It is darker than any black I have ever known. There is usually a frisson in the darkness of night, a reflection, a spark. Here all orientation is removed.
Ten meters underground, through a yellow transitory tunnel 5.2 feet in diameter and into a bomb shelter 59 feet long… is my lodging. I am curled in a sleeping bag seeking warmth in the constantly almost-frozen air. Dreams of mushrooms clouds, the Kennedy family on old black and white monitors, clips of Vietnam, the World Trade Center and terrorists in India clutter my brain as I try to sleep in a bunk without a pipe of ambient sound. There are no honking cars, no garbage trucks, no birds, no barking dogs and I can’t sleep.
Shelters come in various forms and sizes. The smallest among them are the local, temporary shelters, built for no-warning emergencies. Then there are the “medium shelters” that can house one or two families for a more extended period time, for use if, for example, a nuclear conflict between India and Pakistan were to break out and go global. Finally there are the units in Montana or Texas capable of housing 1,000 or more for a few weeks at a time. I spend my nights in a temporary, emergency type shelter built for a terrorist attack rather than an extended-stay suite.
Above me, in a Salt Lake City tract home in Utah, Western US, my host Paul, a sweet and mild mannered man, lives with his wife and three daughters. There are dirty dishes, toys and discarded cloths strewn about, a different world from my ordered boxes of bullets, soap, raisins and nutrition bars down below.
Paul strongly believes that the world is both unpredictable and dangerous. “Anyone within 10 miles of an airport with a 7,500 foot runway should have a shelter,” he says with a relaxed smile that belies the gravity of his statement. Paul installs these contemporary pharaonic tombs at the rate of one a month with his business partner Sharon. The goal is to simply survive impeding disaster, be it a product of god, man or nature, and they are, quite literally, preparing for the end of the world.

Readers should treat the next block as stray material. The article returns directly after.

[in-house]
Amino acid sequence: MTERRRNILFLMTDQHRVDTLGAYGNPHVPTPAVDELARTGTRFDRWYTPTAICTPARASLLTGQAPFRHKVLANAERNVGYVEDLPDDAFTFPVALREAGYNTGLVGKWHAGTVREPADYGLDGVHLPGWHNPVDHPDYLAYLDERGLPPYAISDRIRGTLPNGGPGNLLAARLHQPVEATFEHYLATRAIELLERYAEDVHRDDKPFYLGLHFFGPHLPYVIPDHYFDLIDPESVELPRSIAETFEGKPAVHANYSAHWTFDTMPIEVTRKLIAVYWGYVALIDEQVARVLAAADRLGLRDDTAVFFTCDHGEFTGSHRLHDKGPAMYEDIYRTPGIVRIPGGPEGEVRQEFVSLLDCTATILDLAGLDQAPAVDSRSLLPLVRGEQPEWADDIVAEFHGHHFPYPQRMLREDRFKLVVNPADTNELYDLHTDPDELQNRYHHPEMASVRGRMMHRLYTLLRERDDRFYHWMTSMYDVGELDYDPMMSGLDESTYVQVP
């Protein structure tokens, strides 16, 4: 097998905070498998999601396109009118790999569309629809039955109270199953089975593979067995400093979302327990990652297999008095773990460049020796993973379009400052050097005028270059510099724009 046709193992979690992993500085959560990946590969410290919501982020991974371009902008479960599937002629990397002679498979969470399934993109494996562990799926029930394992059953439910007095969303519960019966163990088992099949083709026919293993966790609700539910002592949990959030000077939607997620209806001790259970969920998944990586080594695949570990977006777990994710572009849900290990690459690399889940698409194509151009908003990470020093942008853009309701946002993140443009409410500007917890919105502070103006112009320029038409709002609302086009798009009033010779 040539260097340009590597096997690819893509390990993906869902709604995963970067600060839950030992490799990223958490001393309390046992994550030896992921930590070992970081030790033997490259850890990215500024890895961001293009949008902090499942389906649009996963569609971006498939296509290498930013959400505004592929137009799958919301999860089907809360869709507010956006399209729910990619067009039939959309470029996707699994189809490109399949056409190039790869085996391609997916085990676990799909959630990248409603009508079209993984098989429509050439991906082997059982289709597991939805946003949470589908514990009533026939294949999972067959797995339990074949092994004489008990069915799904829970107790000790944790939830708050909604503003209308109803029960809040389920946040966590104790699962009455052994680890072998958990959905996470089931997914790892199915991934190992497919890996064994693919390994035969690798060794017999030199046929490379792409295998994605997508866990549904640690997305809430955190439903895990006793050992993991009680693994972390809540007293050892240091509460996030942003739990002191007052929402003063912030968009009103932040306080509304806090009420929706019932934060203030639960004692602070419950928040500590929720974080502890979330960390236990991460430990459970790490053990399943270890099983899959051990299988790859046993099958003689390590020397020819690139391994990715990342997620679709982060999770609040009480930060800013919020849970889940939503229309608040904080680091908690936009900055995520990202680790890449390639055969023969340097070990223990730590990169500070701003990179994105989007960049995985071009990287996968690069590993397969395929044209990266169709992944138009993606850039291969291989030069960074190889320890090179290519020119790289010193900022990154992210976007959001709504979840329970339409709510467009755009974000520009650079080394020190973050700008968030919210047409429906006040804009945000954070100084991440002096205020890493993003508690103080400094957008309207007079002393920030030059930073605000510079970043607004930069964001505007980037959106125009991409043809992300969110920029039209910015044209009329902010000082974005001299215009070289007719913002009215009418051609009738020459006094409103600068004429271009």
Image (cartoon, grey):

The Mormon religion dominates the social, political and economic environment of Utah. A central tenet of Mormonism is the need to be prepared and not depend on government for survival. While not all Mormons have shelters, the majority of shelter-builders in Utah and Montana are Mormon. In Spring City, Utah (pop. 1018) alone there is a colony of about eight or ten ‘medium sized’ 115-foot shelters, most completely independent of one another.
Mormons tend to have large families and conservative political views. They believe the US Constitution should be strictly enforced and the 2nd Amendment, which speaks to the right to bear arms, left as is. My host Paul has two handguns and a knife on him at all times. A Beretta pistol is in a lock-box on his pickup truck console, and an AR-15 is behind the back seat.
Mormons believe they can survive to begin anew in a radically altered world that will favor them. Unfortunately, such a belief is based on the premise that society as we know it will fail, but who can say with 100% accuracy that this is crazy? The insanity of the modern world certainly backs up their position, and doesn’t let me sleep any better, either.
In the 1950s during the atomic age, shelters were built in response to the threat of mushroom cloud nuclear destruction. That movement fell out of favor for a while, and the tins of biscuits and emergency supplies were left to rust and rot. But the events of 9/11 and Mumbai have given the shelter movement a renewed sense of purpose.
Turning on a small, low voltage, battery operated light, I examine my supplies. The food is small canned sausages, instant dehydrated food (Mexican and Middle Eastern flavors) and left over candy from Halloween. The shelves are stocked with the basics: water-purification tablets, vitamin C, potassium iodide and paper products. The entertainment consists of the entire DIE HARD collection, Red Dawn, Cape Fear, Winnie the Pooh, and a Tom Clancy novel whose name seems to sum up the library: The Sum of All Fears.